He tells me, the neuroscientist, that the evidence shows that pot is bad for developing brains (like mine when I smoked in ninth grade). He has credentials. And he’s a pothead himself, which I mention because I’m often, and for good reasons, skeptical of the sources of scientific evidence, so he’s not biased. I would argue, though, that if you suffer from something that would otherwise be treated with something more toxic, antidepressants, or opiod pain killers, prescription stimulants, acid blockers, etc, then pot may be an even more effective, and most likely safer, alternative to the legal drugs that kids are otherwise prescribed.
I, for one, remember the benefits when I was 13 as being the same as what I experience now in my 50s (I hate saying my age – I may also have age diaspora, lol). It makes me wonder how different my brain really was. In the 9th grade, early I know for drugs, I did well academically. And I had a more active social life and better friendships. I still think of it as the happiest year of my life. Now, not being aware of what I know now, I tended to smoke too much, I tended to suffer too much from the negative side effects, the paranoia, etc, and at the end of the year, I decided it was interfering with my life and I stopped, which is something I often regret, or regret that it took so long to get back into it. But I do typically present this as evidence that it isn’t addictive. I smoked it “too much” for a year and then decided to stop and did.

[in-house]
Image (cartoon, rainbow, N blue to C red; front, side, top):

The only negative effects of quitting were not distinguishable from the symptoms I suffered before I ever started.
If you don’t want your children to smoke that young, it’s understandable. Keep in mind that if you would view me as a bad role model, that I didn’t do any other kinds of drugs. Among most of my friends today, though I may have smoked pot at a younger age, I am a lightweight. I’ve never done cocaine, or even speed, LSD or mushrooms, blues or reds or yellows or greens, whatever they were. It might be because I recognized early that pot was constructive only if I did it daily and that I was looking for a permanent solution not a a temporary one, to whatever I thought my problem was. If something were to make me feel better, I’d want it all the time, or not at all. And if a drug would inevitably lead to addiction, then I couldn’t use it that way, and I didn’t see the point of doing it at all.
The conclusion I have come to is that I think pot is the key to my happiness, yet important for me to do it at the right times and in small doses. I am a woman with many things to do. I just can’t afford to be stoned all the time, though there are certain things worth doing stoned, yoga and writing, though I think there’s something to be said for sober re-writing. I find that it’s a good wake me up. A good way to start the day, and a good incentive to get up early. If I know my whole day will depend on it, and if I know that as tired as I am when the alarm goes off, that I won’t be as tired once I take a hit, then it can get me up and keep me going strong. By the evening I’m relaxed and tired and ready to sleep well.